The essay Natural Reality and Abstract Reality written by Piet Mondrian more than hundred years ago offers the following mise-en-scène:
A trialogue (while strolling from the country to the city) among X, a naturalistic painter; and Y, a layman; and Z, an abstract-real painter.
First Scene. Late evening—flat land—broad horizon—high above it the moon.
Y It’s so beautiful.
X What depth of tone and colour!
Z Such peace!
This work, with its unusual structural resemblance to a short theatre play is simple and passionate. The three characters Y, X and Z represent distinctively different viewpoints and understanding with regards to man/nature/art relationship. This literary work by Mondrian may seem rather naive or simplified at the first glance, but at the same time it exposes necessity to discuss criteria and values systems in representational and perceptual art practices.
The first character Y is clearly aware of the ‘outer appearance’ of the scene and has experienced an impact on the senses which has created an emotional response by naming the scene being ‘beautiful’. Exactly what ‘beautiful’ means, is not specified or commented on by X or Z, but the dialogue indicates that Y characterises an emotional individual with a great appreciation of nature.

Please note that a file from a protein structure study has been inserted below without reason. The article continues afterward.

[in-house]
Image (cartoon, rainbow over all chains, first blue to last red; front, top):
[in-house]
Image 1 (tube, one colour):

The second character X sees the value of colour and possibilities to transfer the perceived feeling of depth to a picture plane. He is an artist capable of bringing the fragment of the scenery to your home as a frozen impression of the moment.
The third character Z indicates that there is something deeper in the experience and that it is neither beauty nor colour which matters. The importance for him lies in a feeling of peacefulness and how this sensation can be shared using whatever means of expression are available to the artist.
Z is, of course, Mondrian himself, who tries to demonstrate that it is the essence of an experience that art of all ages seeks to express and transmit rather than simply being the creation of a scene approximating to capture an associated visual image.
Art education, in almost all instances, starts with advice to ‘learn from nature’ but it comes without any definition of what exactly ‘nature’ means or where its boundaries are.
Apart from the limitations of the lack of specificity in the advice Mondrian highlights a further flaw: An artwork is born not from imitation of nature but from the inner necessity of an artist to express the essence of a subject. Better advice might therefore be, observe nature as one source of inspiration but whatever source you choose learn to understand its essence.